Suicide Cliff

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Suicide Cliff
SUICIDE CLIFF.jpg
Suicide Cliff is located in Northern Mariana Islands
Suicide Cliff
Nearest city San Roque (Saipan), N. Mariana Islands
Coordinates 15°16′38″N 145°48′35″E / 15.27722°N 145.80972°E / 15.27722; 145.80972Coordinates: 15°16′38″N 145°48′35″E / 15.27722°N 145.80972°E / 15.27722; 145.80972
Area 9 acres (3.6 ha)
Part of Landing Beaches; Aslito/Isley Field; & Marpi Point, Saipan Island (#85001789)
NRHP Reference # 76002193[1]
Significant dates
Added to NRHP September 30, 1976
Designated NHLDCP February 4, 1985

Suicide Cliff is a cliff above Marpi Point Field near the northern tip of Saipan, Northern Mariana Islands, which achieved historic significance late in World War II.

Also known as Laderan Banadero, it is a location where thousands of Japanese civilians and Japanese soldiers committed suicide by jumping to their deaths in 1944 in order to avoid capture by the United States, as Japanese propaganda emphasizing brutal treatment of Japanese such as American mutilation of Japanese war dead. Many Japanese feared that 'American devils [were] raping and devouring Japanese women and children.'[2] The precise number of suicides there is not known, but has been estimated at around 8,000 deaths.[3] A contemporary correspondent, praising their actions as 'the finest act of the Shōwa period', described them as 'the pride of Japanese women.'[4] The alternative name of the pace, Banzai Cliff, stems from the fact that, when the people jumped, they shouted '"Banzai" (wishing the Emperor 10,000 years of life).'[5]

By 1976, a park and peace memorial was in place and the location had become a pilgrimage destination, particularly for visitors from Japan.[6] In that year, 9-acre (3.6 ha) of the site were listed on the US National Register of Historic Places.[1]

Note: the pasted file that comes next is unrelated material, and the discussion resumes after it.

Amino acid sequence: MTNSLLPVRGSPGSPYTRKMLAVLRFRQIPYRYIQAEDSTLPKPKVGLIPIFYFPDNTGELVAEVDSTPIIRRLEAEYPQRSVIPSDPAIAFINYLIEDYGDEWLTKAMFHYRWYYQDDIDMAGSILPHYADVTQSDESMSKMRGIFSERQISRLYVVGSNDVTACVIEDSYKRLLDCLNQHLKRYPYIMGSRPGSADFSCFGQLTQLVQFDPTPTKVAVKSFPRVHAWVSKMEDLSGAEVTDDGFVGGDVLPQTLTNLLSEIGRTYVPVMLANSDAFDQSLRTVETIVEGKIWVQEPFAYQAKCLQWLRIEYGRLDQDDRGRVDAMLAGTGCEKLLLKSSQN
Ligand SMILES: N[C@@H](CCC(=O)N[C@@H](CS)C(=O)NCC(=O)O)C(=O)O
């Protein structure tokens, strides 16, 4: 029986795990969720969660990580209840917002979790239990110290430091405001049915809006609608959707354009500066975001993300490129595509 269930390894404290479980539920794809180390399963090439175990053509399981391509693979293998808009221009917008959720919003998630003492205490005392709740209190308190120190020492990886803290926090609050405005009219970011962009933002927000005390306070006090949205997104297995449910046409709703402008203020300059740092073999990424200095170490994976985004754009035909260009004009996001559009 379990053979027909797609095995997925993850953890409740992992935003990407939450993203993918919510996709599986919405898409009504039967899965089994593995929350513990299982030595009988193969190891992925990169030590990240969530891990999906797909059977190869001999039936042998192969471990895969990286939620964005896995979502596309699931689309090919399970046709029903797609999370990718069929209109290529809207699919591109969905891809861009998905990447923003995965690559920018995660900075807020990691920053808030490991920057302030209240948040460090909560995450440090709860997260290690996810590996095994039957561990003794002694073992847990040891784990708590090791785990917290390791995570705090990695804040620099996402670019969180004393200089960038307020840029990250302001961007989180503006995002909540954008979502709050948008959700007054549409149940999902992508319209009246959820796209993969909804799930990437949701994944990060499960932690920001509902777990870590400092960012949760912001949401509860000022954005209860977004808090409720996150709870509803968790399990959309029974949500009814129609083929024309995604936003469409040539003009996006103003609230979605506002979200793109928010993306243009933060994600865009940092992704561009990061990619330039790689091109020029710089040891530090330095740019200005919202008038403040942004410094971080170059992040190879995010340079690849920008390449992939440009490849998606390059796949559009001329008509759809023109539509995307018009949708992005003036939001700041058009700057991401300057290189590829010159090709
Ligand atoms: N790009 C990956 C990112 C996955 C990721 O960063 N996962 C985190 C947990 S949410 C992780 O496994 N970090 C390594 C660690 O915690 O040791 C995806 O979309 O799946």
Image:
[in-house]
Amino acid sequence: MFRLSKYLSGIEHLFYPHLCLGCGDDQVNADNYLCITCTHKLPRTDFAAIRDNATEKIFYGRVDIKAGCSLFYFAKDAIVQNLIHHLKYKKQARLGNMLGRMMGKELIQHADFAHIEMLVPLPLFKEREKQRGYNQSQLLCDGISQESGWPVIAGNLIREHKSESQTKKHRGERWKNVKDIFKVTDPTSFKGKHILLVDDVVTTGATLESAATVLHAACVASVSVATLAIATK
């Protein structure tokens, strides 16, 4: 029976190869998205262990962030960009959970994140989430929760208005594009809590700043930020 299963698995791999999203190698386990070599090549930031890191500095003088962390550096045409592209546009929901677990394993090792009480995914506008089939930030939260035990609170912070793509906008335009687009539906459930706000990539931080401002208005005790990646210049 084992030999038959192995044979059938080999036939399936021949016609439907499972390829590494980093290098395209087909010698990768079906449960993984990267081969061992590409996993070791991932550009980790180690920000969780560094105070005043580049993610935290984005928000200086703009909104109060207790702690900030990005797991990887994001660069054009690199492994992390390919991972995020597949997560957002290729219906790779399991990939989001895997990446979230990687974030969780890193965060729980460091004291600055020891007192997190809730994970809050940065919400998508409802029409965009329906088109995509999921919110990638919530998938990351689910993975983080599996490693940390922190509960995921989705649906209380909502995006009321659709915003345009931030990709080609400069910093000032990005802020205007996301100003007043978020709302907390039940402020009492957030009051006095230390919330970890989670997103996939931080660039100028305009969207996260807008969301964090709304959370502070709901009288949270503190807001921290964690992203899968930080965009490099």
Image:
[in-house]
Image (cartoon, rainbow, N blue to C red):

The cliff is, along with the airfield and Banzai Cliff, a coastal cliff where suicides also took place, part of the National Historic Landmark District Landing Beaches; Aslito/Isley Field; & Marpi Point, Saipan Island, designated in 1985.[7]

See also[edit]

References[edit]

  1. ^ a b National Park Service (2010-07-09). "National Register Information System". National Register of Historic Places. National Park Service. 
  2. ^ Jennifer F. McKinnon; Toni L. Carrell (7 August 2015). Underwater Archaeology of a Pacific Battlefield: The WWII Battle of Saipan. Springer. p. 23. ISBN 978-3-319-16679-7. 
  3. ^ Frederick E. LaCroix (2009). The Sky Rained Heroes: A Journey from War to Remembrance. BookPros, LLC. p. 245. ISBN 978-0-9821601-3-8. 
  4. ^ Kingston, Jeff (5 July 2014). "Battle of Saipan: a brutal invasion that claimed 55,000 lives" – via Japan Times Online. 
  5. ^ Wen-Shing Tseng (6 June 2001). Handbook of Cultural Psychiatry. Academic Press. p. 388. ISBN 978-0-08-052562-4. 
  6. ^ Dennis Vander Tuig (1976). "National Register of Historic Places Inventory/Nomination: Suicide Cliff / Laderan Banadero" (PDF). National Park Service.  and accompanying two photos from 1976
  7. ^ "NHL nomination for Landing Beaches; Aslito/Isley Field; & Marpi Point, Saipan Island" (PDF). National Park Service. Retrieved 2015-04-14.